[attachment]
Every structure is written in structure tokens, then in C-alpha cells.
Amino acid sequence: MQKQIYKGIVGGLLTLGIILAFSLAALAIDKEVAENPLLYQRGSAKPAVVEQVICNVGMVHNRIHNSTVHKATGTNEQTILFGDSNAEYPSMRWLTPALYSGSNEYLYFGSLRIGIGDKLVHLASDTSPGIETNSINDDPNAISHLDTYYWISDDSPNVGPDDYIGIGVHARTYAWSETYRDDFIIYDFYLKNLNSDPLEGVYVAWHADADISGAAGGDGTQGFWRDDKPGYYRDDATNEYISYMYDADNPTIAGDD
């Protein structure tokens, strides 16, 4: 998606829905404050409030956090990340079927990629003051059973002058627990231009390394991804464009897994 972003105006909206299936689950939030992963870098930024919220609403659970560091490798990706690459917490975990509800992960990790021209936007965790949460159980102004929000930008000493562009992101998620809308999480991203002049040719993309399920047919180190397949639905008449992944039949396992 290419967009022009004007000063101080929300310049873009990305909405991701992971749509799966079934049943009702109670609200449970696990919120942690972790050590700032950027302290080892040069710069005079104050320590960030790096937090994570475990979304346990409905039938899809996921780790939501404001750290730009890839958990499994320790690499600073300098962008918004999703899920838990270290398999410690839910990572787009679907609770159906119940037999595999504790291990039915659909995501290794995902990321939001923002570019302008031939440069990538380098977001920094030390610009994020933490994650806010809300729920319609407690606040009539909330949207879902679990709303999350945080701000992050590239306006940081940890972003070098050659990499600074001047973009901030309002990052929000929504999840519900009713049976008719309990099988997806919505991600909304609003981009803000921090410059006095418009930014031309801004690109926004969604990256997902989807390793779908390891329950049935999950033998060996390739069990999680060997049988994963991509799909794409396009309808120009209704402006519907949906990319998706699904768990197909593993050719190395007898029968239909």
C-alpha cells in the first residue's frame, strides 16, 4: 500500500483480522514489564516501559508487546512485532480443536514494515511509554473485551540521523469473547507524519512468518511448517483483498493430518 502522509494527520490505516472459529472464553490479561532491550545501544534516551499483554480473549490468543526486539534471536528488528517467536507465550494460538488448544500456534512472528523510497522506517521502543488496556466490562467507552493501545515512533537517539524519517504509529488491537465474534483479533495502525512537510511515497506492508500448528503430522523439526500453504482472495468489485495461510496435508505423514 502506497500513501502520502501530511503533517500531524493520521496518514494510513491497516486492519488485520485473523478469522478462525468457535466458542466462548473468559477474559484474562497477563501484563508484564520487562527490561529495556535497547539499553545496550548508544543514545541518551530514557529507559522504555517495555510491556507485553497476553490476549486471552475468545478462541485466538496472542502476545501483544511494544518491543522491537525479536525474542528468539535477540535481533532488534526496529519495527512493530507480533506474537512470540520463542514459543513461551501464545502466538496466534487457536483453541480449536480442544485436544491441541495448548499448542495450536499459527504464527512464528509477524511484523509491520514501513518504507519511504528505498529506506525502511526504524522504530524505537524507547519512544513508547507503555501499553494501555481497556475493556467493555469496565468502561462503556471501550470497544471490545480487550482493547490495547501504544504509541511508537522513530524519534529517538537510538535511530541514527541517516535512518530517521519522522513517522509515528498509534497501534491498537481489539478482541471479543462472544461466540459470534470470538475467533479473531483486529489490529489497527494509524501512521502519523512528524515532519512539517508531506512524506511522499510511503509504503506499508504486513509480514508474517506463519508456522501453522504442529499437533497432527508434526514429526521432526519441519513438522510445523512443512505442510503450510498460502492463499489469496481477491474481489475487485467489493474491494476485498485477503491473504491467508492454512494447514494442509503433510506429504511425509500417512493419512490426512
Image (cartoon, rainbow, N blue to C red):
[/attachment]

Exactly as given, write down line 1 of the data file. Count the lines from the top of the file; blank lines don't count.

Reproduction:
Every structure is written in structure tokens, then in C-alpha cells.